Wisteria’s Reprieve

The wicked wisteria vine finally redeemed itself. We were disappointed in its blooming for three years, beginning with the year we bought the house. You’ll say I expected too much of it. You could be right, since it wasn’t due to bloom for another month that first time. I watched for blooms the next year and saw none. Last year there were a few miserable little clusters hanging on the underside, like they were hiding. I had it in for that invasive plant. It frothed green all summer and looked like bare bones the rest of the year. All it was good for was taunting me to trim it. Murder was in my heart. I wrote about it five times last year, none of it complimentary. It grabbed neighbor Logan’s airplane, attacked an innocent butterfly bush, mocked me when former neighbor Amy added a nice bench and a lovely birdbath under it, and exploded in wild growth whenever I wasn’t looking. Oh, yes! I had it in for that creeping monster. This year buddy, this year OR ELSE.

I looked at the wisteria and walked outside to examine it. There were suspicious growths on the ends of sticks. Five blooms came out, followed by a hundred or so the next few days. I’m not going to recant. I meant every ugly thing I said about it, but I’m willing to put that in the past. John and I are looking out the kitchen window whenever we pass and commenting on its beauty. The final blessing came when a rainbow arched over it.

041917 Rainbow with wisteria blooms.jpg

041717 Wisteria closeup.jpg

34 thoughts on “Wisteria’s Reprieve

  1. Ah, the rainbow kiss is the secret. The willful ugly duckling now the elegant one. (and I keep warning a neighbor who is considering wisteria that 1. it’s sticks in winter and 2 make sure you like it, ’cause once it settles in….
    Lovely views!


    1. Hydrangea may be next on my hit list. We have only one, and it has never bloomed since we came here. I hope you get blooms this year — lots and lots of them. Your patience should be amply rewarded.

      Liked by 1 person

    1. Oh, yes! I hacked at the vine relentlessly to keep it from overtaking the house with us in it. I thought it hadn’t bloomed because I cut it at the wrong time, but that was not the reason. I cut it back every fall as I was supposed to. I did my job. It didn’t, until now.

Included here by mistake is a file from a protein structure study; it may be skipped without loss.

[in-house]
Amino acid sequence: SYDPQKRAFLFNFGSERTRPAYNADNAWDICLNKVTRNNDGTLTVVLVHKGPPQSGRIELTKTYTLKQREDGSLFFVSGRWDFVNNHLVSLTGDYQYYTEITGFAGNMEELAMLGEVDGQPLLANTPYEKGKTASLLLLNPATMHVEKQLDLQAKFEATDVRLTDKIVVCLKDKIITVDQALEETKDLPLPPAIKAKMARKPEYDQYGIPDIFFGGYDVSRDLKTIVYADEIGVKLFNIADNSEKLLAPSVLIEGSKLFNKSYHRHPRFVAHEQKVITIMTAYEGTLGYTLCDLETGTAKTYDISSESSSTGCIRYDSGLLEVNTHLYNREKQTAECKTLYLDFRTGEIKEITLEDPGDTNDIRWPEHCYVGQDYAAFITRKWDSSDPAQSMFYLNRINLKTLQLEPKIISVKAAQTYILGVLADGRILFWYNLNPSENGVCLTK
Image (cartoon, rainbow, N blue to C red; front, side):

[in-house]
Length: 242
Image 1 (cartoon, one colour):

Liked by 1 person

      1. Better late than…etc.
        That reminds me of when we first bought a house (when I was still married) – someone told me pruning lilac trees was a good thing. What they neglected to tell me was: in the FALL!! Not in the SPRING!! Lolol!!


    2. We have a lilac bush in our garden, and it is next on my watch list. It bloomed last year. This year the bush was full of buds which are still sitting there, not moving. Perhaps they were frozen at just the wrong time. Three years in a row of these shenanigans, and I’ll ask John to sharpen the axe. You are on notice, Mrs. Lilac!

      Liked by 1 person

    1. Thank you for the alert, Faye. There were eight of your comments in spam!!!! I don’t understand how it happens, but it’s a good reminder that I should check the spam area routinely. I don’t even want to miss a blank space from you!

      Liked by 1 person

      1. I routinely check mine also after I found out comments were heading there! It always makes me wonder how wordpress picks and chooses what is or isn’t spam???
        Though I must admit I do like Spam….the food in a can :).

        Liked by 1 person

  2. Oh Anne, it’s lovely. I’m so glad it bloomed for you. We have a small wisteria. I grew it from a twig sold in a bag. It has taken years, but now it is lovely, but alas, it is a wild grower, and overnight it can send out a long arm of a vine that can almost take hold of you and squeeze. We are in a constant state of clipping with the trimmers throughout the summer. But oh, the blooms make it worthwhile…and the fragrance is pretty too. I like the long velvety seedpods it holds onto throughout the winter.


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